The village of Kernstown was located a few miles south of Winchester, Va. Jackson's Confederates attacked with the intention of drawing Union forces away from the Army of the Potomac's position on the Virginia Peninsula. Kernstown is considered to be the opening engagement of Jackson's Shenandoah Valley Campaign.
In this detail from an unidentified printed map, Sneden depicts the area between Rice's Depot and Jetersville, Va. Named after Sailor's Creek that runs through Prince Edward, Amelia and Nottoway Counties, this engagement of the Appomattox Campaign was fought April 6, 1865. The Confederates sustained heavy losses (7-8,000) before withdrawing to Highbridge, and several generals, including Ewell, were captured.
Illustrates Alexandria's central position in the defense of Washington, where at least 12 outlying forts surrounded the city. Military camps of various Union officers such as Samuel Peter Heintzelman are indicated on this map.
Map shows an area of central Virginia bordered by Gainesville to the north, Orange Court House to the south, Luray Gap to the west, and Bristoe to the east. With Lee's Army of Northern Virginia on the offensive, it's target Manassas and Washington, Union Gen. Meade had no choice but to pull back to protect the Federal capital.
Map shows a detailed layout of the city of Atlanta, Ga., including the batteries and earthworks in the surrounding area. The Western Atlanta and the Macon & Western Railroad are also indicated. The map depicts the situation in the city as of 1 September 1864; the city fell to Sherman's army on the 8th.
Map shows area surrounding Petersburg, Va., on the Appomattox River including all of the Union and Confederate fortifications during the siege of 1864-65 by Genl. Grant. Details include locations of roads, railroads, significant buildings, and creeks. Map extends to north as far as Fort Walthall, to west as far as Wells Church, to south as far as Reams Station, and to east as far ...
Shows the locations along the James River of the camps of the U.S. Army of the Potomac after the Seven Days' Battles, 25 June-1 July 1862. Also shows locations of Berkeley and Westover plantations in Charles City County, Va.
Shows an area that includes Gloucester Point on the north/east side of the York River, Yorktown on the south/west side of the river, and Wormsley Creek to the south of Yorktown as the Union forces finalized preparations to begin the siege of Yorktown.
Focuses on a small portion of the Rappahannock River close to the line dividing Culpeper and Fauquier counties, Va., and about 8 miles (as indentified by Sneden) from Brandy Station where the Battle of Kelly's Ford occurred on 7 November 1863. Confederate positions are noted as well as the placement of the 3rd, 5th, and 6th corps of the Union Army of the Potomac.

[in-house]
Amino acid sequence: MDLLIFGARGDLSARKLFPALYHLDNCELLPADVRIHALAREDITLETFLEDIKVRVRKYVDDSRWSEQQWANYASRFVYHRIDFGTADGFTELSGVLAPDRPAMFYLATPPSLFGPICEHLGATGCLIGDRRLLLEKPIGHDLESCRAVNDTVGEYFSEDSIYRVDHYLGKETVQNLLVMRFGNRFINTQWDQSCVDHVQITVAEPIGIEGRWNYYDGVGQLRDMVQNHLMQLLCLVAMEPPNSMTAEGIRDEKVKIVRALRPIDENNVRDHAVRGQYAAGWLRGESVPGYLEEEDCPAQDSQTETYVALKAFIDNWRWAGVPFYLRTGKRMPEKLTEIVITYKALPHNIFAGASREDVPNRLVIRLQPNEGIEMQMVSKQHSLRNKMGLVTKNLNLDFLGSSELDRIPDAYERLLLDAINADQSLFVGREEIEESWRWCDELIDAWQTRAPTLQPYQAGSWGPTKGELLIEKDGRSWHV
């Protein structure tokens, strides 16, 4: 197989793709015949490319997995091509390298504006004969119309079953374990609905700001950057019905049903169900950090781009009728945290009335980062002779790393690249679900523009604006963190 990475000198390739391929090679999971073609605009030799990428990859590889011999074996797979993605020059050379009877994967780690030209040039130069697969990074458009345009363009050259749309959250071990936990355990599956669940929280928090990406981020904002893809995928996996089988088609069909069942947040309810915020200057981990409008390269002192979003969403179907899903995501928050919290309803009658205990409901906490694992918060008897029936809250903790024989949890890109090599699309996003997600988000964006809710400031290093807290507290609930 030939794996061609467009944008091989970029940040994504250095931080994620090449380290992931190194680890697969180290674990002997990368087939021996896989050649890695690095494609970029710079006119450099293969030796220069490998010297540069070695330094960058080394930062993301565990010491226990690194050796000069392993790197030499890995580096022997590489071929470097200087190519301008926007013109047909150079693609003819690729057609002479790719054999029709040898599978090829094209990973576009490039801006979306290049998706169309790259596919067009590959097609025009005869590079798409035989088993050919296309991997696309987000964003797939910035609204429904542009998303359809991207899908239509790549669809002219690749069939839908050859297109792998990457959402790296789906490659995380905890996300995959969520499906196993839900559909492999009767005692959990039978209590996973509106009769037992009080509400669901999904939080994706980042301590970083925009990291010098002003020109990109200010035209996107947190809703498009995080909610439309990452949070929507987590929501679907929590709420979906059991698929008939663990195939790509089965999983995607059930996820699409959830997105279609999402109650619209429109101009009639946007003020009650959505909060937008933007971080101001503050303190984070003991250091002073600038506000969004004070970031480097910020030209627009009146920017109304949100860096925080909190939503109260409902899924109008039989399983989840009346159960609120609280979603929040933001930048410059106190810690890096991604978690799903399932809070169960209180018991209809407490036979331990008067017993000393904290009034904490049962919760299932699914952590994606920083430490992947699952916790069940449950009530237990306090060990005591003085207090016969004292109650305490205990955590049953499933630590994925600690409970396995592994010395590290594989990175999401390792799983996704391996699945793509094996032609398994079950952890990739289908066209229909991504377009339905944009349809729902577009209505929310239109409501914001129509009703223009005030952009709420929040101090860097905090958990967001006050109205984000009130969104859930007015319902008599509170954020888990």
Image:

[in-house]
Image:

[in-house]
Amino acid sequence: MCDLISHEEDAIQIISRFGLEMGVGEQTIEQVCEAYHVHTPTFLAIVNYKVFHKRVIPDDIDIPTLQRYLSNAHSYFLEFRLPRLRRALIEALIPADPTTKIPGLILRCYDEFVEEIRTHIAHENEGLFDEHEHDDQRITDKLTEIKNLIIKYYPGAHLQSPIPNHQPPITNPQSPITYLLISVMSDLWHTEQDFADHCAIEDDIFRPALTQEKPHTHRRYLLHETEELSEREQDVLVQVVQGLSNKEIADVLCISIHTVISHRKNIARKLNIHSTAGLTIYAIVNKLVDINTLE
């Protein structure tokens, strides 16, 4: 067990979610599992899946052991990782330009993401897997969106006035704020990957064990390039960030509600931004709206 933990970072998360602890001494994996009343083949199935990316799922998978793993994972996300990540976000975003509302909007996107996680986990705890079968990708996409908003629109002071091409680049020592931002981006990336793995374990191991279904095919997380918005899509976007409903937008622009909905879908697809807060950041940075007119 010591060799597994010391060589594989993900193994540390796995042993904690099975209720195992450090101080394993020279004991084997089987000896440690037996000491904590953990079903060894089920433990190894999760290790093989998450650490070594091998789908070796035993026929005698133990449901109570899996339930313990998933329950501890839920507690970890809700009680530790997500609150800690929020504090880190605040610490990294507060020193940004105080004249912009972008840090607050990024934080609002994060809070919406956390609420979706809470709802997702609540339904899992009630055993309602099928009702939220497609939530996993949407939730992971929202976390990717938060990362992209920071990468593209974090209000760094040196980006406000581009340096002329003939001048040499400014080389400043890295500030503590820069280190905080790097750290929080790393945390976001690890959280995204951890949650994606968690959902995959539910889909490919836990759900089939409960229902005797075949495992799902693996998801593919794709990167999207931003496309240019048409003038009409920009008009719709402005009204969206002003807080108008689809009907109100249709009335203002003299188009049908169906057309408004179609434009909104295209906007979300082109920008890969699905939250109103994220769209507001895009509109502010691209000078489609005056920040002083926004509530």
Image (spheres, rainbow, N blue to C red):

Shows the area from Harper's Ferry, W. Va., west to Frederick, Md., and the position of Confederate forces under R. E. Lee and Union forces under McClellen. The map also shows Hagerstown, Md., south to the Potomac River. The Baltimore and Ohio Railroad is also indicated.
Map shows a detailed plan of the Andersonville prison complex including locations of external defenses, guards' and officers' quarters, hospital, storehouses, cook house, and graveyard, and the use of the terrain (swamps, creeks) as boundaries.
Includes areas of Orange and Culpeper counties, Va., where Meade approached the Rapidan River and the Mine Run Valley to try and push Lee's forces unsuccessfully back towards Richmond in the Mine Run Campaign of November 26-December 1, 1863.
In this annotated detail from a printed map, the city of Charleston is delineated and Confederate fortifications along the Ashley and Cooper rivers are indicated. Also indicated is the area of the city that burned as a result of Union shelling.
Map shows the Confederate fortifications at Fort Jackson under Gen. Duncan, Fort St. Philip and the Union fleet along the Mississippi River. This map, also shows the positions of Union ships under Farragut, who captured the strategic port of New Orleans, thereby providing the Federal army access to the Mississippi River.
This map shows the disposition of troops on this second day of the battle. The designation "5 p.m." appears slightly to the left of the title. As the fighting began late in the day and continued on well into the evening, this could be interpreted as a depiction of forces going into the second day of the battle.